And some of these experiments had been conducted by the CIA at Valley Forge Army Hospital, where the Korean POWs were quarantined in the summer of 1953.

Maybe drugs were involved in the remolding of the returned Korean POWs.  Drugs that Frank Olson was involved in testing and evaluating.  Drugs like LSD.

In 1953, the year the POWs returned and Frank Olson died, US official interest in mind control via LSD was at fever pitch.

Fears of a “brainwashing” gap between Communism and the United States fueled a US obsession with LSD as a mind-control superdrug.  The US government explored the possibility of acquiring the world’s entire supply of LSD to keep it out of Soviet hands.  And it gathered enough LSD to perform extensive experiments on human subjects, some of them uninformed or unwilling, for almost two decades.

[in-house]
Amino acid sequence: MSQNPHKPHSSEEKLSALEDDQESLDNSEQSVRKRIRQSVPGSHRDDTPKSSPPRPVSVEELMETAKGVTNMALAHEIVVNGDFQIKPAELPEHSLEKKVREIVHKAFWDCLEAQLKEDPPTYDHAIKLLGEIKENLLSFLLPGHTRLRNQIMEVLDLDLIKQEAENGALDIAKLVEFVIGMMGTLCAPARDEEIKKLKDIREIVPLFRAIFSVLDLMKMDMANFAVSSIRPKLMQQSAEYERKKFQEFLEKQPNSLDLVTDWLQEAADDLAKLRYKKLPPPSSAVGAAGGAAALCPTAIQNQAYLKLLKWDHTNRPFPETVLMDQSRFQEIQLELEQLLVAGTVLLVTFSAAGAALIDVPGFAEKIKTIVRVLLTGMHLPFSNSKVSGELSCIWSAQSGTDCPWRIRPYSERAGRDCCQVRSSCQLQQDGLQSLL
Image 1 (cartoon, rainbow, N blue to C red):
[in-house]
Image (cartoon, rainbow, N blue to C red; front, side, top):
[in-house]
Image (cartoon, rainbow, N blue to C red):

America’s LSD mind control effort, which was variously known as Project Partridge, Project Artichoke, and MK-Ultra, was run by the CIA’s Sidney Gottlieb.  Gottlieb was present at Deep Creek the night Frank Olson was dosed with LSD.  Gottlieb’s assistant, Richard Lashbrook, was sharing the hotel room at the Statler the night Olson plunged out the window.  And as Olson lay dying on the sidewalk outside, Lashbrook made his first call…to Sidney Gottlieb.

I speculate the dark secret that killed Frank Olson was this:

The US was using LSD to counter-brainwash returned US POWs to obtain retractions of biological warfare confessions.  And Frank Olson knew about it.  

Maybe Olson had seen film.  Maybe he saw film that reminded him of the horrors he had witnessed at the interrogations in Germany. 

Only this time the victims of his mind control drugs were American servicemen.